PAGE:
The facts & myths about India’s Jewish connection

Tevye: As the good book says, when a poor man eats a chicken, one of them is sick.
Mendel: Where does the book say that?
Tevye: Well, it doesn’t say that exactly, but somewhere there is something about a chicken.

The conversation, which has centuries-old variants in every continent and culture, is from Fiddler on the Roof. The memorable 1971 musical told the story of a Jewish peasant family that uses their native songs, humour and sense of irony to cope with the anti-Semitic upsurge in pre-revolutionary Russia.

Everyone cooks up a chicken story. It helps people embellish their collective or individual identities with beliefs, even mythologies. India is in ferment with different flavours of the chicken broth, its dominant delicacy garnished with saffron. Prime Minister Narendra Modi was vending one such recipe in Israel recently.

Jews have found peace and love in India as nowhere else, he told an audience of Israelis who once belonged to South Asia. Mr Modi was only partly right, and there is a truer way to say what he said. Jews attained their “golden age” in Spain under Muslim rule from where they were expelled in 1492 with the return of Christianity. The Moorish rulers had accorded high respect to the community, as people of the book.

Mr Modi mentioned Lt. Gen. J.F.R. Jacob as an example of a patriotic Indian who was Jewish. Gen. Jacob, who later joined the BJP, was a hero in the fall of Dhaka. The Prime Minister would have been more objective in his recall of the Jewish diaspora had he remembered the scores of Iranian Jews who fought like Gen. Jacob for Iran in the long war with Iraq. If India was the only oasis of calm for the community, as Mr Modi would have us believe, what are 15,000 Jews doing in Islamic Iran today, a country, which is possibly the only democracy with a mandated seat for a Jewish deputy in the national Parliament? How does it compare with saffron India?

Also, India’s close call with anti-Semitism was missing from the chicken soup narrative in Israel. It is all there in the book authored by M.S. Golwalkar, the early Hindutva stalwart.

“To keep up the purity of the nation and its culture, Germany shocked the world by her purging the country of Semitic races — the Jews,” Golwalkar gloated in his book regarded by many as Hindutva’s bible. “National pride at its highest has been manifested here. Germany has also shown how well-nigh impossible it is for races and cultures, having differences going to the root, to be assimilated into one united whole, a good lesson for us in Hindustan to learn and profit by.”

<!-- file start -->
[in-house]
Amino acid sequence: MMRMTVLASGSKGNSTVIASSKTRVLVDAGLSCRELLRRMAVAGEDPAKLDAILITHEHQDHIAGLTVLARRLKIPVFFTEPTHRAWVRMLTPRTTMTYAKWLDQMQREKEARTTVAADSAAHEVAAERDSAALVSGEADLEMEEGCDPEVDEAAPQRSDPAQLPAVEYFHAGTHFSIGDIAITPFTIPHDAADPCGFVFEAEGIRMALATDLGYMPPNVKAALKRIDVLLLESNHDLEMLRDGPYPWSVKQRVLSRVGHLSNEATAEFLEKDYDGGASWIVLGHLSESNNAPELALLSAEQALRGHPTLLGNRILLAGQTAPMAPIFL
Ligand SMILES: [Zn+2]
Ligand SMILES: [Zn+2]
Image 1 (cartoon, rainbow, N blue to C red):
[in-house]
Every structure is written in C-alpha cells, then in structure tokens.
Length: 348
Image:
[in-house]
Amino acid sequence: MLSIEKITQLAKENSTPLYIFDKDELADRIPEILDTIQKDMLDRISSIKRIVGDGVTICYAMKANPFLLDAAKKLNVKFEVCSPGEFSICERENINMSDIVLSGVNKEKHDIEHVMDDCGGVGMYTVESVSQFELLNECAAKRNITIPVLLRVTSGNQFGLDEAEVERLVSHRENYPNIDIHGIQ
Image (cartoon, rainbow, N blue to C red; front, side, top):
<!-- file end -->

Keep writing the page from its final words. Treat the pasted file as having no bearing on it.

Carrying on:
The telling lesson prescribed for Muslims (and Christians) by Golwalkar was adopted in subtle practice, if not in theory, by mainstream politicians, not excluding the Congress.

It would be less of a chicken story had Mr Modi cushioned his remarks by recalling how his peers were swayed by Hitler’s fatal charisma. The proof still exists. Mein Kampf sells like hot cakes at railway stations across India.

Indian Jews prospered under Hindu and Muslim rulers alike though one of them was laid low by the puritan Aurangzeb. Strictly speaking, however, the emperor’s beheading of Shah Sarmad did not result from his being an Armenian Jew. Rather it was the rebel fakir’s conversion to Sufism and his “heretic” interpretation of the kalima that earned him his harsh retribution. The busy shrine of Sarmad near the Mughal-era Jama Masjid today is proof that Aurangzeb’s successors atoned for his foolishness as they encouraged everyone, including Muslims, to throng there in an unspoken rebuke to a ruler’s narrow mindedness.

There was Gauharjan, on the other hand. She was India’s first singer to cut a vinyl record. Gauhar’s mother was an Armenian Jew. After her English father deserted the mother, a Muslim admirer of the mother’s musical skills raised Gauhar. The legendary singer shared her scorn for the British with nationalist leaders. But, Gandhi, being a judgemental Hindu himself, not unlike Mr Modi’s reactionary peers, refused her membership of the party as she was Calcutta’s most loved singer.

The Jewish community did thrive in the subcontinent for centuries even as they faced racial bias in Europe. Baghdadi Jews mostly ran major businesses all over India, under Hindu patronage and under Muslim rule. They did well for themselves during British rule too. Since Indian independence though, which coincided with the creation of Israel, their number has dwindled dramatically in cities where they once built beautiful synagogues and led socially integrated lives.

A Jewish scholar says that some Jews in Mumbai became so “Hinduised” that they gave up eating meat though they continued to practise circumcision. An alternative view could be that these Jews, being traders, were probably influenced by a culture of vegetarianism common among Jains and Hindu traders.

A quick look across the border would reveal to Mr Modi another gem about South Asia’s Jewish connection. The magnificent Parliament House in Bangladesh was built by Louis I. Kahn, a Jewish architect from America. But that was not before he was contracted by Pakistan in 1962 to build a second chamber of deputies in Dhaka. If some Bangladeshis mistake the builder of the Jatiya Sangsad Bhaban for Louis Farrakhan, the African-American Muslim rebel, it can be taken as an ingredient of the chicken history Hindutva mobs have turned into a successful street art.

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